Alternatively, if you are already viewing the specific cluster, click the Configuration button.

For M0 Free Tier clusters, you can also click the Upgrade button for the cluster.

B. Upgrade the MongoDB Version of the cluster

Atlas supports the following upgrade paths:

  • MongoDB 3.2 -> MongoDB 3.4
  • MongoDB 3.4 -> MongoDB 3.6

Atlas running with MongoDB 3.2 must upgrade to MongoDB 3.4 before upgrading to MongoDB 3.6.

Atlas always upgrades the cluster to the latest stable release of the specified version via a rolling process to maintain cluster availability.

You cannot downgrade the cluster to an earlier MongoDB version.

C. Deploy your cluster across more than one Region

For clusters with Instance Size of M10 or greater, you can specify additional regions to distribute your cluster across for high availability or local reads.

AWS Only

If this is the first M10+ dedicated paid cluster for the selected region or regions and you plan on creating one or more VPC peering connections, please review the documentation on VPC Peering Connections before continuing.

To deploy a cross-region cluster, click Enable cross-region configuration options. Cross-region clusters deploy with each node using the same configuration options as specified during cluster configuration.

Note

Having a large number of regions or having nodes spread across long distances may lead to long election times or replication lag.

Important

For a given region in an Atlas project with multi-region clusters, the total sum of MongoDB nodes on all other regions in that project cannot exceed 40. This limit applies across all cloud service providers.

For example, if an Atlas project has 20 nodes in Region A and 20 nodes in Region B, you can deploy no more than 20 additional nodes in that project in any given region. This limit applies even if Region A and Region B are backed by different cloud service providers.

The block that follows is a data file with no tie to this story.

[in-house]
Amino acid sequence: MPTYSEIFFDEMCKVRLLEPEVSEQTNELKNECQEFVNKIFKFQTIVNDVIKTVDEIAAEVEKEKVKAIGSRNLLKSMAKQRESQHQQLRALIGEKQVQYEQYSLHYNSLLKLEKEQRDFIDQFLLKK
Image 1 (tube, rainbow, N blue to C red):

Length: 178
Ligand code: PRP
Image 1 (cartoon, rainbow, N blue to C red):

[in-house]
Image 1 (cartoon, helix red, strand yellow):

For Atlas projects where every cluster is deployed to a single region, you cannot create a multi-region cluster in that project if there are already 40 or more nodes in that single region.

The following options are available when configuring cross-region clusters, and are only available for clusters using an Instance Size of M10 or greater:

Deploy across multiple regions

Toggle this field to Yes to enable distributing your cluster across multiple regions in the specified cloud provider, increasing availability of a cluster during a partial or total region outage. By default Atlas displays a Preferred Region, which replaces the Region dropdown. The Preferred Region is the region Atlas places your primary node on deployment.

Backup Data Center Location

If this cluster is the first backup-enabled cluster in the project, Atlas selects the backup data center location for the project based on the geographical location of the cluster’s Preferred Region. See Backup a Cluster for more information.

Click Add Region to add a new row for region selection and select the region from the dropdown. Specify the desired number of Nodes for the region.

Each node in the region can participate in elections, and can become the primary as long as the majority of nodes in the replica set are available. The total number of electable nodes across all regions, excluding read-only regions, must be 3, 5, or 7.

You can also use this option to increase the replication factor of single-region clusters by modifying the number of Nodes for your Preferred Region only. You do not have to add additional regions to modify the replication factor of your Preferred Region.